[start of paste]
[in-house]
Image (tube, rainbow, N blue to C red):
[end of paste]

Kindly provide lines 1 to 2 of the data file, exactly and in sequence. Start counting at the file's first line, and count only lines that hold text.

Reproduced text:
[in-house]
Image (tube, rainbow, N blue to C red):